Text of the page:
Kroger, Albertsons selling QFC brand name, over 400 stores in $1.9B deal
Sep 8, 2023, 7:08 AM | Updated: Sep 11, 2023, 6:57 am
(Photo: Rogelio V. Solis, AP file)
Kroger and Albertsons will sell more than 400 stores and other assets for about $1.9 billion, seeking to clear a path for a merger with antitrust regulators reviewing a deal that would unify two of the nation’s largest grocery chains.
The 413 stores, along with QFC, Mariano’s and Carrs brand names, are being sold to to C&S Wholesale Grocers. Kroger will also divest the Debi Lilly Design, Primo Taglio, Open Nature, ReadyMeals and Waterfront Bistro private label brands. In addition, C&S will get eight distribution centers and two offices.
All fuel centers and pharmacies associated with the divested stores will remain with the stores and continue to operate.
In the state of Washington, Kroger operates 55 QFC stores and 61 Fred Meyer locations. Albertsons operates 184 Safeway locations, 16 stores with the Albertsons name and 15 Haggen locations in the state.
“Our priority is protecting competition, consumers, and workers in Washington. We will be reviewing through that lens,” Washington Attorney General Bob Ferguson said in a prepared statement to KIRO Newsradio Friday.
Ferguson sued Albertsons last year in an effort to stop the grocery chain from paying a nearly $4 billion dividend to its shareholders. Earlier this year, The state Supreme Court declined to review the case, clearing the way for the dividend to be paid out.
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Despite the setback, Ferguson noted the merger can be held up by both federal and state regulators.
“This merger is far from a done deal,” Ferguson said at the time. “My team and I will be conducting a thorough review.”
A coalition of United Food & Commercial Workers local unions in 14 states and Washington, D.C., representing more than 100,000 Kroger and Albertsons workers released a statement Friday regarding the announcement, saying this transaction doesn’t ease member fears, it raises them.
“We have raised alarms about the proposed Kroger/Albertsons merger from the very beginning— from threats of store closures, higher prices and reduced competition, the harm to unionized workers’ ability to negotiate strong contracts, as well as the negative ripple effects lower union density would have on workers throughout the grocery industry,” the statement reads. “News of a possible deal with C&S to buy hundreds of stores as part of the proposed merger in no way reduces those alarms. Indeed, in many respects this announcement raises the level of concern for our members.”
Last year, U.S. Democratic Rep. Pramila Jayapal, who represents Washington’s 7th congressional district which includes most of Seattle, called for a Federal Trade Commission (FTC) investigation into the acquisition last year.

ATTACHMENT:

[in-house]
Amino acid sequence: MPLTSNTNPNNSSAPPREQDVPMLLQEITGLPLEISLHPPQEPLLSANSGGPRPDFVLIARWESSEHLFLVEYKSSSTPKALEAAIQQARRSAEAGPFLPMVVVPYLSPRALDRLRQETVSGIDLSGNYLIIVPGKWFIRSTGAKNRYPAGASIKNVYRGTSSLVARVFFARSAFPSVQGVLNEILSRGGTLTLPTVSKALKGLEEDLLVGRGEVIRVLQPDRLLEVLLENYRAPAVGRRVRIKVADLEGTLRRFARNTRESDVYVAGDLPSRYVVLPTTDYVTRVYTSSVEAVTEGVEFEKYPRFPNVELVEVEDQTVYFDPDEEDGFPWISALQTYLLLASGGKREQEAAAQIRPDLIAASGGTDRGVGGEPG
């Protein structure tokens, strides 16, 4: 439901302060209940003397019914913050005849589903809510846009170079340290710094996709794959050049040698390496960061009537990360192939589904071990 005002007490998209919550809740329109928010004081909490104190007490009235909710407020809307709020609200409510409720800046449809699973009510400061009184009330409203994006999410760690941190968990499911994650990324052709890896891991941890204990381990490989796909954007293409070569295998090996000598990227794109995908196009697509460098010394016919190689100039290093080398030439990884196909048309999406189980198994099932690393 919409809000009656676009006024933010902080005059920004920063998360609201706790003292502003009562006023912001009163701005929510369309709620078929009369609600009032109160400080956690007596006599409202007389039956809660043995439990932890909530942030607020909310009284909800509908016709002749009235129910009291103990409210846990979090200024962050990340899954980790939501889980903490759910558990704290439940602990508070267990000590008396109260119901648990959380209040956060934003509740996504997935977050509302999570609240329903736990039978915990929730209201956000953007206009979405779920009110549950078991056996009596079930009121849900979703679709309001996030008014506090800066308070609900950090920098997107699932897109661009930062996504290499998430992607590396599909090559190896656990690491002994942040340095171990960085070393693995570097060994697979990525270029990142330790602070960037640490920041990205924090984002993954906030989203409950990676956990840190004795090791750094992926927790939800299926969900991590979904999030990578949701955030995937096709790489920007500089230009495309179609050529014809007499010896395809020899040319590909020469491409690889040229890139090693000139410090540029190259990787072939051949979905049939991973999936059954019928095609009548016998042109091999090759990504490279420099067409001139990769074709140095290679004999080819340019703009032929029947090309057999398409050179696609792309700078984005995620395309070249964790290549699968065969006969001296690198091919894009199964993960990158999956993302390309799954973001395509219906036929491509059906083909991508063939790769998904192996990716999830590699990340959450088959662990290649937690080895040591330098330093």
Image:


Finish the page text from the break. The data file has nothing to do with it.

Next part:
She said the merger wouldn’t be good for the average American.
“The acquisition would threaten competition and hurt consumers, workers, and small businesses. It presents several anti-competitive concerns, including fewer product choices and higher costs,” Jayapal said in a statement.
The lawmaker added it raises “anti-competitive” concerns and wants the FTC to investigate before the acquisition is complete.
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Kroger and Albertsons agreed to merge in October. Kroger, based in Cincinnati, Ohio, bid $20 billion for Albertsons. Kroger would also assume $4.7 billion of Albertsons’ debt. The deal is targeted to close early next year.
The grocery chains say they must merge to compete with Walmart, Amazon and other major companies that have stepped into the grocery business. And there is significant consolidation throughout the grocery sector as companies fight with rising prices for everything from food to workers.
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Last month, discount grocer Aldi said it plans to buy 400 Winn-Dixie and Harveys supermarkets in the southern U.S.
Before the deal with C&S closes, Kroger may, in connection with securing Federal Trade Commission and other governmental clearance, require C&S to buy up to an additional 237 stores in certain regions. If more stores are added to the agreement, C&S will pay Kroger an additional as-yet-to-be-determined financial amount.
C&S, which was founded in 1918, is a supplier to independent grocery stores, supplying more than 7,500 independent supermarkets, retail chain stores and military bases. It currently runs Grand Union grocery stores and Piggly Wiggly franchise and corporate-owned stores in the Midwest and Carolinas.
C&S has prior experience with divestitures related to mergers and has successfully transitioned union employees and their associated collective bargaining agreements in the past.
“Importantly in our agreement, C&S commits to honoring all collective bargaining agreements which include industry-leading benefits, retaining frontline associates and further investing for growth,” Kroger Chairman and CEO Rodney McMullen said in a statement on Friday.
Shares of Kroger Co., based in Ohio, rose 5% Thursday and Albertsons Cos., based in Idaho, rose 3%.
Contributing: Steve Coogan, L.B. Gilbert; The Associated Press